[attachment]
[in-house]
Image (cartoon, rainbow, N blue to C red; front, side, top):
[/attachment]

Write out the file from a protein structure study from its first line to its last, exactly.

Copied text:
[in-house]
Image (cartoon, rainbow, N blue to C red; front, side, top):